Welcome to the 21st-century church culture experience.
The era of copywriters, designers, project managers, social media strategists and Executive assistants in the Church organisational structure with the singular aim of providing a seamless and orderly system. Our experiences have become immensely influenced by these aesthetics, by our modes of worship and the influence of technology in general (which to be clear, is not really a bad thing. Well, until it is).
And it’s in the midst of all these that “Church Unusual” became such a thing. Particularly used by New Age Pentecostals, Church Unusual is the catchphrase now used to emphasise the point that the experience at a place of fellowship or an upcoming event is too good to be believed it happened in a church setting. Okay, maybe that definition was slightly biased to drive home the point early in the essay.
But, in a more detailed form, here is the origin of “church unusual”:
There was such a time when people defined the church experience as boring, not because that was how it was designed to be or how it was at the beginning but because of the doctrinal extremism and orthodoxical beliefs of most people within the Christian circle. It was the period of time when everything you could ever think of was labelled a sin – owning a Television set, wearing trousers/earrings as a lady, using sophisticated musical instruments in the church, etc.
Then, new age churches sprang up with a certain kind of belief, slightly antithetical to the beliefs of the orthodox, evangelical and protestant conviction. However, it wasn’t a new experience. It was heavily founded on the original foundation of the Christian Church in the biblical book of Acts – on freedom, liberalism, radical faith, engaging culture and experiencing joy. One that didn’t depend on how we presented ourselves but in whom we believed.
The problem, however, came when we needed to convince people who had given up on the church experience because they felt it was very strict that the new age pentecostalism was one they would enjoy, one that had no restrictions and taught on total freedom in Christ. And then, the birth of Church Unusual.
But, what exactly is the church and how did it come into place?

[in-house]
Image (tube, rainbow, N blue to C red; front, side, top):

“Go ye into all the world, and preach the gospel to every creature” is one of the last commands Jesus gave his disciples, yet one of the most powerful. One that has been the foundation of the birth of the church (as a body and as a system).
Weeks after that command, the church fully began operation, the disciples were first called Christians and from the works of 11 disciples, the gospel has spread and still spreads rapidly all over the world.
Thousands of years after the initial birth of the church, we have Church Unusual and rather than question it, it has become a huge part of our publicity for events in the pentecostal church. Some churches have been named after it, hundreds (if not thousands) of events designed to attract youth and involving dancing, feasting and singing have been themed after it and it’s just generally that thing we say when we want our church to sound cool hence, “Welcome to Church Unusual”, “My Church is Church Unusual” etc.
Unusual – not habitually or commonly occurring or done. Remarkable or interesting because different from or better than others.
So, when we say a church is “Church unusual”, we are indirectly saying that the experiences of that church are either different from others or it is a shift from the original design. Whilst, the intent behind that might be pure, the idea itself is faulty and has led us, many times into unfavourable situations.
The Church has always been and will not become unusual because of the advent of technology. We might change our means of broadcasting the message, we might create social media platforms to reach out to more people, we might invest more in our brand and communications team to help drive conversations on the internet but the core of our message remains the same – Christ. There is nothing unusual about whatever the church needs to engage in. The practices of the early church still consist of the very things we claim as part of the new age church – freedom, liberalism, radical faith, engaging culture and experiencing joy.
It’s normal to want to sound different, better, superior or “cooler” and more inclusive. But that has never been the mission of the church and never will be as we have been called to the unity of faith – to one authority, one God, one faith, one body. And if, in the bid to be different, we go off this path, then indeed, we have missed the point and we risk falling into the same error of extremism that we planned to correct.